My experience of life as a transman is one of horrific wait times and uneducated peers. This is my story so far.
My name is Sam Henderson and earlier this month I finally turned 18 years old. I’m born and bred Scottish, which means my ‘trans experience’ is different to most I have read about. I came out to my friends a little over five years ago, and to my family just this past year. I am currently pre-everything, which sucks big time. This means that my transition has only just begun. This summer will be two years since I changed my name legally. It cost me £50 (approx. $66) to have a new birth certificate printed and my records officially changed. I decided to change my name before coming out because I wanted to apply for university under my chosen name. This also gave my family more time to adjust to my name, which to me is more important than pronouns, which has made it easier now that I am out. I applied for university as male, even my accommodation application was sent away as male. This was a big step for me because officially I am male – at least according to my university.
I am on the waiting list to be seen at a specialist Gender Identity Clinic (GIC). I’ve been on this waiting list for nearly two years. I praise the National Health Service (NHS), and I feel so blessed that I do not have to pay for healthcare, as I have multiple conditions that need treating. However, I struggle with the fact that, had I been able to afford private healthcare, I could be celebrating two years on testosterone by now. The law in the UK states that for private transition, you must be over 16 years old, but for NHS treatment you have to be 18. I managed to get on the waiting list in time so that after turning 18, I would only have to wait a few more months to get an initial appointment. I am expected to get an appointment in June this year. The reason that wait times are so long is because gender clinics are so understaffed and their services are getting more and more needed, which I guess is a good thing.
This seemingly everlasting wait is so difficult to cope with. But I have to focus on my future. One day I will be able to get my testosterone prescription and I will be able to have top surgery. I am so lucky that these treatments will be covered by the NHS and I will not have to pay for either of them for the rest of my life. This does not mean that I have no considered going private. I’d be lying if I said that I didn’t think about it often – if not every day. But I know that I cannot afford it and I will have to wait my turn. But I see content so often online about transmen (and transwomen) who seem to fly through the process. They get their desired treatments and start to see results so quickly that sometimes I am overcome with jealousy. I guess this is something that a lot of trans* people experience. I want to be as far ahead as everyone else – but I know one day I will get there. And to be honest, its pretty exciting having something like that to look forward to.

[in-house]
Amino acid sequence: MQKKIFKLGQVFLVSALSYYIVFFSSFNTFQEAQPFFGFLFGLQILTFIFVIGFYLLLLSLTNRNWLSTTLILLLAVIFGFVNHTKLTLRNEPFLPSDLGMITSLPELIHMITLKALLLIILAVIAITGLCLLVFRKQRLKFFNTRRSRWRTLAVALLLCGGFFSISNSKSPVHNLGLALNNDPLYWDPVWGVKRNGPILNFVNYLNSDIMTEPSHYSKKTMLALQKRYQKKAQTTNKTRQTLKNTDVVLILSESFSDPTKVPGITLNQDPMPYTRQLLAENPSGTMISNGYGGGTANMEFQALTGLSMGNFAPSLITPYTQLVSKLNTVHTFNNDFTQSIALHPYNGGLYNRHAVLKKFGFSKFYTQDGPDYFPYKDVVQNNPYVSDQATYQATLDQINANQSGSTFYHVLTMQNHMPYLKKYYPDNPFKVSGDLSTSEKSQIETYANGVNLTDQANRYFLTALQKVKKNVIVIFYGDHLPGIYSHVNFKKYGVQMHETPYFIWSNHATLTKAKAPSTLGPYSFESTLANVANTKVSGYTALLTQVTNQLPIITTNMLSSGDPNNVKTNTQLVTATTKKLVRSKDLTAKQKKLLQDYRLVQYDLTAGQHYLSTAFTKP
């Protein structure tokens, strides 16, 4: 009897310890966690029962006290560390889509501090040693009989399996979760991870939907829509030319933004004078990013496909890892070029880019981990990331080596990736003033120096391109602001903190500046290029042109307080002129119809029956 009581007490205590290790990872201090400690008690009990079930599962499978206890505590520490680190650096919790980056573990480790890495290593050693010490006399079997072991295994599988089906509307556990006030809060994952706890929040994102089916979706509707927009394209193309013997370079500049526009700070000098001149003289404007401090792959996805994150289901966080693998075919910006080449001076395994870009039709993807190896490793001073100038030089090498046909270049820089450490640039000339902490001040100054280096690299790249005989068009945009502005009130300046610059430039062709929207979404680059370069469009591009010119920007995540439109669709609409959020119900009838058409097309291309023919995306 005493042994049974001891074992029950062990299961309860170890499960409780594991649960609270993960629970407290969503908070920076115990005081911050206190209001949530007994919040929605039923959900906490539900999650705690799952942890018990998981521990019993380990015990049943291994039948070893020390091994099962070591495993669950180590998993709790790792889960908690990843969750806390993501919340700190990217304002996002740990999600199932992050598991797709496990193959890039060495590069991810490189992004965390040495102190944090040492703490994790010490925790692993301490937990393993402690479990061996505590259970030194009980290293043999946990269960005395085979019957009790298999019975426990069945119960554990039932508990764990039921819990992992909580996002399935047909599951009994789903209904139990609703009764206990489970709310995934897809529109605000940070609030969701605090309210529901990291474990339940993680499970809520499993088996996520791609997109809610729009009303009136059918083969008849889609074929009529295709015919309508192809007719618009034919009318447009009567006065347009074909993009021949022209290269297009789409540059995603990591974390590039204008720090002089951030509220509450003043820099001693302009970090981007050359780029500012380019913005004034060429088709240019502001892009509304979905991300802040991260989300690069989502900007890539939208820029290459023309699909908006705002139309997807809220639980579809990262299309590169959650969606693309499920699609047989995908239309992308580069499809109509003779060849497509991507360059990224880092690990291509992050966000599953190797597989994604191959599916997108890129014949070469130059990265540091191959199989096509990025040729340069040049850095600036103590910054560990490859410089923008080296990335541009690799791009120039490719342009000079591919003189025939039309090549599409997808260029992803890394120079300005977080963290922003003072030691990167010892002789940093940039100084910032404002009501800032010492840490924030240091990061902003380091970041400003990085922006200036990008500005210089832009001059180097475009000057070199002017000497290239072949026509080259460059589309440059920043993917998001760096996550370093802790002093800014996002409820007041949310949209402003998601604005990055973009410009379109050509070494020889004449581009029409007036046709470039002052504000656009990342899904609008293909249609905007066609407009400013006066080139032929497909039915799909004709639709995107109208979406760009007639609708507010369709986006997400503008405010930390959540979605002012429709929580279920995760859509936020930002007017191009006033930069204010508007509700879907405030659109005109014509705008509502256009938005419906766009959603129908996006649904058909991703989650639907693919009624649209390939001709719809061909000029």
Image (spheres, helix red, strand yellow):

One of the most striking parts of my transition so far has been the adopted role of educator that has been forced upon me. Now, I’d like to get it on record that I loved educating people about issues they haven’t come across in life. I think its something that most people within the queer community learn to live with. We are constantly asked questions about every aspect of our lives, and eventually we just know how to answer them. For example, I had a friend that I was talking to one day about her ex-boyfriends. She told me that she was stood up by the guy who was sitting across from us. She then proceeded to tell me that she was glad of it because he was so short, and she doesn’t normally ‘go for’ short guys. I told her that I was short for a guy (5”7 to be exact) and I was so surprised at the shock on her face when I explained I wouldn’t get much taller – if any taller at all. I found myself explaining that, although I will effectively be going through puberty.2, I have stopped growing and no amount of T will help that. I have also found myself explaining this as basic as binding to my cisgender friends. This blows my mind because I have been binding for so long that I have forgotten that most people are unfamiliar with the practice!
The conclusion here is simply that not every trans story is the same. The US mainstream story seems to go that after coming out, trans people see specialists (subject to their state’s requirements) and get treatment comparatively quickly. A lot of trans people in the US use crowd-funding to support their transition, which is something I luckily do not have to do. Instead, I face years and years of waiting around, unable to progress any further until I’m at the top of the list. And that’s okay. We are unique, our stories are unique, and I thank you for taking the time to read this brief outline of mine.